As a rule, load generators are installed on different machines to the controller. Depending on your defined Vuser scripts and machine specifications, a number of load generators may be required for a complete simulation.
The analysis component
Once your load scenarios have been executed, the analysis component comes into play.
During load testing, the controller creates a repository of results as they come through. This includes a host of raw data, such as the version of LoadRunner used and the configuration parameters that were set.
Crucially, it also records all errors that occurred during the test and puts all the error data into a database named output.mdb. The analysis component then analyzes the content of this file, displaying results in a visual, graphical format for easier identification and interpretation of trends. This helps you understand where errors and failures originated during load testing, so you can determine whether optimization of your app is necessary.
Test your app with LoadRunner, follow the three steps of the LoadRunner tutorial
Now, let’s start the LoadRunner tutorial.
The process of load testing with LoadRunner can be divided into three main steps:
- Design test scripts using VuGen
- Define the execution of tests
- Analyze results
1 – Design test scripts using VuGen
To design a script, VuGen captures HTTP traffic from actions performed within an app and reproduces those actions to simulate the behavior of a real user on an app.
A VuGen script typically looks like this:
An essential step in getting to grips with VuGen is understanding that reproduced scripts simulate network traffic that is a consequence of user action within the app, as opposed to simulating the actions of the users themselves. And unlike functional testing tools like UFT/QTP, VuGen only works at the protocol level with HTTP requests rather than at the graphical interface level.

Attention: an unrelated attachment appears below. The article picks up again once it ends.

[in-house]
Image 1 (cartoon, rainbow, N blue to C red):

2 – Define the execution of tests
The whole purpose of load testing is to simulate different levels of activity within an app to detect where failures occur – and crucially pinpoint the load level that generated the first failure. This requires a system that can perform scenarios with several concurrent users executing tasks simultaneously.
Load levels can be increased and decreased to mimic real operating conditions so as to cause stress on the server and uncover abnormal behavior within an app.
The results are then analyzed to identify causes of failures.
3 – Analyze results
During load testing, LoadRunner runs each scenario and records the app’s performance with varying levels of load. The analysis component then generates statistics and performs an analysis of collected data.
Analysis information is stored in a .lra file, and LoadRunner testing results are also compiled into a “Log” folder with all Vuser logs and records in the event you wish to investigate further.
The analyses are carried out according to different KPIs, focusing on the following core metrics:
- Number of simultaneous Vusers
- Number of accesses per second
- Average response time
- Time period of the first buffer
- Error stats
It’s also possible to view the raw data the LoadRunner analysis component generates with other reporting tools to discover even more about your app and its potential.
Organizations looking to modernize their software development and testing approaches are evaluating options beyond what they have with LoadRunner and Performance Center today which gave them success in legacy practices. See why on the NeoLoad vs LoadRunner page.